The God of Ethiopia

This poem was written by a recent visitor to Soddo Christian Hospital. He wanted to remember his visit and this was the method God gave him for remembering his trip.

Where do we find God in Ethiopia,

Do we find Him in the bright, round eyes of a young boy in the hospital huddled close to his father?

Do we find Him in the quiet tears and prayers of a rounds team telling a patient he is going to die?

Do we find him in the tears of a young doctor fighting for a patient's eyesight and begging for God's providence?

Do we find Him in the sweet vespers hymns of a staff worn down by the cares of the day?

Do we find Him in the soft rain watering a thirsty land?

Yes, He is there!!

But He is also in the hearts of missionary men and women who have answered the call of God in their lives and given Him all they have.

And yes He is in the sweet minds and souls of those native Ethiopia's who have heard and heeded his call to salvation.

The God of Ethiopia permeates the heart and soul of the land.

Listen!

Hear His soft voice and footsteps all around you.


We Celebrated Our 10 Year Anniversary!!!!

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Soddo Christian Hospital has now been open for 10 years, and to celebrate we hosted a 10th Anniversary Celebration in June. Weeks of preparation went into this event, with many of our hospital employees helping around the clock to make this an amazing and beautiful celebration possible. But the most important focus of the event was to honor and thank God for His provision and grace in blessing our hospital for the last decade. Because of Him, the Gospel has been shared with every patient that has come through the doors - more than 30,000 each year!

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Approximately 1,000 people attended the celebration, held in a gigantic tent on the hospital compound. We displayed flags honoring each of the different nations that are involved in serving at the hospital. The colors of the nations waving together in beautiful unison outside the tent were a beautiful reminder of how man different people from around the world serve the hospital.

The program honored those who work at Soddo Christian Hospital currently, as well as the pioneers who came before to help establish the hospital. An incredible slideshow recognized all of these brave and obedient servants.

The hospital's kitchen staff and the missionary staff who helped them deserve a special thanks for the meal that followed the program. Serving 1,000 guests with delicious Ethiopian food is not an easy task. Many worked through the night to have just the right number of injera, tibs, and doro wot.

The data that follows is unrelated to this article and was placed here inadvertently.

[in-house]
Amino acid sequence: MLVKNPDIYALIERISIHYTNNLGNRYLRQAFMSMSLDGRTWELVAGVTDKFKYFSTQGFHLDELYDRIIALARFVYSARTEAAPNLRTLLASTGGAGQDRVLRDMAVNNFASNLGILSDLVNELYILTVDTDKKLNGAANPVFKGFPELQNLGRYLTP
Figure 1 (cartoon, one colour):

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What a beautiful celebration of teamwork, fellowship and cultures coming together to serve the people of Ethiopia and to share God's love. Above all, this was a celebration of God's protection, provision and guidance through the last 10 years.

But remember, the work is not done! We look forward to the next 10 years: expanding our patient care, medical training, and discipleship opportunities, and reaching Southern Ethiopia with the gospel.

Medicine + the Gospel - History of SCH Pt. 4

In 1946, the missionaries returned to Soddo, having found a vibrant church had grown in their absence.  In addition to this, they reoccupied the hospital they had started before - having to kick out some livestock who had taken up there!

In the following decades, the ministry of the hospital grew.  What had begun as primarily a church planting ministry, now evolved into a medical ministry - ministering to the sick and dying in an effort to preach to them the Gospel of Jesus.  Dr. Barlow and other physicians cared for burn and trauma patients, obstetric emergencies, malaria, typhoid, leishmaniasis, schistosomiasis, and a whole host of other conditions.  The hospital grew to 105 beds to care for the sick of Wolaitta and the surrounding areas.  The Gospel was shared, and many came to know Christ.

The conditions were meager, such that in 1967 when Dr. Harold Adolph joined the staff, he described a hospital with walls made from mud and sticks covered with "bamboo mats to keep them from oozing when it rained."  The operating room light was a single light bulb dangling from a rusty coat hanger.  The OR table only had three legs, with a some scrap pieces of lumber cobbled together for the fourth.  In fact, the one sterilizer they had exploded, forcing the surgeons to use the largest pressure cooker they could find to sterilize instruments.

Dr. Harold Adolph operating at Soddo Hospital, c. 1970s
Dr. Adolph operating at Soddo Hospital, c. 1970s

The need for a new hospital was great.  And SIM and the doctors began raising funds for that purpose in the late 1960s.  By 1975, the new hospital was complete having been built in a period of seven years by five different contractors.  Dr. Adolph and the others, however, would barely have any time to enjoy their new facility.  In 1974, a coup d'etat forced Emperor Haile Selasse from the throne and brought to power a harsh military and then Communist regime known as "the Derg".  Aligning itself with the Soviet bloc, the Derg became hostile to any Western influences, and forced the missionaries to leave the country in 1976.  They then took over the new hospital which SIM had built and made it a government hospital.  Only God knew then if a medical ministry would return to Soddo someday.  St.ay tuned...

The newly completed SIM Soddo Hospital in 1975.
The newly completed SIM Soddo Hospital in 1975.  Today, the hospital is the government-run Soddo (Otona) Hospital.

This is the fourth installment in a series of posts about the history of SCH.


SCH Promoting Women's Health

At SCH, we care about the whole person.  Of course, we provide great medical care when patients come to the hospital.  But we are also looking for ways to improve health in the community.  In this case, women's health!

Allison Karnes is the wife of our Ob-Gyn, and Ingeborg Roth is the wife of our Radiologist.  The two of them have teamed up to start a new ministry called "WRAPs".  What are "WRAPs" you ask?  Well, I'll let Allison tell you: